In addition, although Malaysia is a signatory to the United Nations Convention on the Rights of the Child (UNCRC), we continue to reserve the right not to ratify Article 7 which concerns a child’s right to birth registration, right to a name and nationality (as well to know and be cared for by their parents).
Often the “illegitimate” child is not registered immediately after birth to avoid stigma and discrimination.
The stigma associated with having an “illegitimate” child leads to many parents putting their baby up for adoption or to baby dumping. Between 2018 to 2021, 443 baby dumping cases were recorded – of which only 149 were found alive while 294 died (“Baby dumping still rampant”, Sinar Daily, February 17, 2022).
What determines the legitimacy of a child?
Under Section 112 of the Evidence Act (1950), a child is considered to be a legitimate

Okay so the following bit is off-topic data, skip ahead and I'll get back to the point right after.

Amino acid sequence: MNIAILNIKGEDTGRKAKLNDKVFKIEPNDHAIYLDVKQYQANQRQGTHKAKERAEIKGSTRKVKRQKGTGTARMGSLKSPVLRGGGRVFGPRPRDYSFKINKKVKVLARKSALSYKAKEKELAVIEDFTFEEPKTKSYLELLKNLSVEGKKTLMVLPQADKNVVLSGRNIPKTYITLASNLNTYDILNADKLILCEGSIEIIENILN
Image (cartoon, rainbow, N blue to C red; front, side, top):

child if he/she “is born or conceived during subsistence of a valid marriage where a husband of a married woman is determined as the legal father of the child. If the parents are divorced, then the child must be born within 280 days after the marriage dissolved with the condition that the mother have not remarried within the period of time” (“Discrimination against an Illegitimate Child According to Law and Society”, Ainur Nadhrah Roslan et al, Current Legal Issues, 2021).
Otherwise, he or she is considered to be a filius nullius or the son (or daughter) of “nobody” under the law.
Under Shariah law, a new born baby is legitimised if he/she is born after 6 lunar months (180 days) after the date of the marriage. This is because in Islam, the minimum period of gestation/pregnancy is 180 days.
Based on this, unmarried Muslim females only have a short window of about 3 months to get married in order for the baby to be considered legitimate.
The short 3-month window of getting married becomes even shorter for girls who are under the legal age of marriage as they are required to get the Syariah court’s approval for marriage. This is concerning given the increasing numbers of unmarried underage girls getting pregnant.
Nearly 14 in every 1,000 underage Malaysian girls become pregnant every year.